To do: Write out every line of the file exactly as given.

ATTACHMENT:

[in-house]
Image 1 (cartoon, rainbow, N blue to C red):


[in-house]
Image 1 (cartoon, rainbow, N blue to C red):